For Asda, the move builds on the supermarket's other sustainability focused initiatives, including the introduction of refillable loose items such as cereals, rice, and pasta in store. If the trial is a success, Asda hopes to expand to additional stores in the new year.
From burgers to beer - in Issue 40 of RPC Bites, we reported that Non-Fungible Tokens (NFTs) are making their way into the food and drink sector, following the launch of McDonald's 'McRib' NFT. Now, turning to beer, house-hold name, Budweiser has announced its ticket onto the blockchain with the launch of its first NFT.
Budweiser's Heritage NFT Collection features 1936 (being the year Budweiser's first beer can was created) exclusive digital can designs and comprises 2 types of tokens, the Core Heritage Cans, at $499 USD each, and the even more premium Gold Heritage Cans, at $999 USD each.
The NFTs can be purchased with the cryptocurrency ETH, Bitcoin or a credit card through the Budweiser website, but only by consumers of legal drinking age.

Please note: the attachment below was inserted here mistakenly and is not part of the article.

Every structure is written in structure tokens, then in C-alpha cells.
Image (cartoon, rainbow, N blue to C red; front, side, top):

Meal subscription brand, Abnormal offers its customers personalised, nutritionally complete meals in paper-based sachets, with the intention of promoting healthy, sustainable living. However, Abnormal has come under fire from the ASA for running ads on its website and Instagram account, which claimed that its products were "plastic free" and "Zero plastic."
The complainant argued that the products in question contained a plastic lining which made recycling difficult and meant that the "plastic free" and "Zero plastic" claims were misleading.
In a rare move, Class Delta Ltd t/a Abnormal elected not to respond to the ASA's enquiries. This, in itself, was a breach of CAP Code Rule 1.7, which stipulates that any unreasonable delay in responding to ASA enquiries will be considered a breach. The ASA considered that Abnormal's claims in relation to plastic (or the lack thereof) would be interpreted by consumers as meaning that its product packaging did not contain any plastic. As Abnormal did not provide any evidence in support of its claims, the ASA concluded that the claims had not been substantiated and were therefore misleading and must not appear again in their current form.